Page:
Give Your Lollipop Plant Some Sweet Care
The lollipop plant is a gorgeous plant with showy yellow flowers that will make it a centerpiece for any room. It will continue to flower as long as you give it adequate light and moisture. It’s not a picky plant, so it should fare well in most indoor settings. As long as the room stays above 60 degrees, it’ll do just fine. Read on to learn more about this attractive houseplant.
What Is the Lollipop Plant?
If you can say anything about the lollipop plant (Pachystachys lutea), it’s that its name is a conversation starter. We’re sure that you, like us, have a lot of questions. There has to be a story with a plant by this name that is also known as the golden shrimp plant. Let’s just say that our curiosity is piqued. The lollipop plant is a member of the Acanthaceae or Acanthus Family.
The group includes a variety of plant from diverse habitats from forests to wetlands to coastal areas. It includes plants that undoubtedly have a story. Polka dot plant? Peristrophe? These plants are primarily tropical plants that have evolved to fulfill specific niches, hence, the unusual names. That also may explain the strange shape of its flower which grows on a stalk called a raceme.
Planting the Lollipop Plant
You can grow the lollipop plant in your garden if you live in USDA Hardiness Zones 9 through 11. Otherwise, you can grow it as an indoor houseplant. It is a subtropical evergreen plant. It fares better in stable indoor conditions than the variability of gardens. Its small range of hardiness zones is an indication that there is a narrow range of its optimal conditions too.
Care and Maintenance
The striking feature of the lollipop plant is its yellow flower head with its accompanying white flowerets. Its other common name, the golden shrimp plant, refers to the yellow bracts that some say resemble shrimp. We’ll leave it to you to decide that one. The flowers stand upright on the plant like candles, giving it a striking appearance.
The lollipop plant will reach a height of nearly four feet, given the right conditions. You’ll need to space plants about three feet apart. As the plant grows, it’ll take on a bushy kind of appearance. It is a perennial plant, so you can enjoy it for years to come.
Light and Temperature
It prefers bright indirect light. Full sun is fine as long as it isn’t direct light. It’ll do well in light shade. The thing to remember is that it will keep rewarding you with its beautiful blooms as long as it has enough light. Indoors, an eastern or western exposure is ideal. Average household temperatures of 65 to 75 degrees Fahrenheit will keep the lollipop plant happy.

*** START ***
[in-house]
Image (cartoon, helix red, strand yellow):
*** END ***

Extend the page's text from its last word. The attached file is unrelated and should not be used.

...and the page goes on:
The lollipop plant isn’t a fussy plant. It does, however, prefer moist soils that you can allow to dry slightly between waterings. Don’t let it dry out though or it might not recover if it wilts. During the winter, you can water it less frequently. Average household humidity is fine as long as it’s at least 50 percent. You can mist it during the warmer months to keep it humid.
Soil Conditions and Fertilizing
You can use any good quality soil mixture for indoor plants. It just needs to be well-draining to prevent root rot. The lollipop plant grows fast, so you’ll likely find it will outgrow a pot quickly. Because of its rapid growth, you might want to consider less expensive containers until it reaches its mature size. If the roots are peeking out from the drainage holes, it’s time to repot.
As you may guess, a plant that grows fast needs the nutrition to support it. You should fertilizer your lollipop regularly, especially during the growing season. A balanced fertilizer is an excellent option. Your plant will let you know when it needs a nutritional boost when leaves begin to yellow and drop. Plan on fertilizing at least every two weeks, perhaps even weekly.
Its fast growth will also mean pruning to keep it confined to its space, especially in the spring when it grows most rapidly. Doing so will prevent it from becoming leggy in appearance. Use a sharp shears to trim branches at an angle above the point where the leaf meets the stem. The angled cut will prevent water from pooling at these sites.
You can train it to maintain its attractive form and encourage it to take on a fuller appearance by pinching the tips of the plant. It’ll grow outward rather than upward. You can also deadhead the flowers once they’re spent. It’ll keep the plant looking tidy while encouraging new blooms. The lollipop plant will handle your grooming well and will thrive because of it.
This video from the Mississippi State Extension explains how to deadhead flowers to encourage new growth using the rose as an example.
Special Care Notes
While it is generally hardy, the lollipop plant is susceptible to whitefly infestations. An infected plant will look sickly. Its leaves will yellow and drop. You should always inspect a plant for whiteflies before you bring it home. You’ll find them on the undersides of the leaves or even swirling around the plant. Take a pass on any infected plant.
You might have trouble getting rid of whiteflies. They can develop resistance to insecticides. You can use an insecticidal soap or an insecticide containing permethrin to get an infestation under control. You can also create your own DIY fly trap with petroleum jelly to get rid of them. And of course, you should isolate an infected plant from any other houseplants.
The lollipop plant makes a welcome addition to your garden or any room where you want to create a focal point. Its beautiful yellow flowers will bring a bit of sunshine to your home. And with plenty of light and moist soils, you’ll enjoy a continual display of attractive blooms.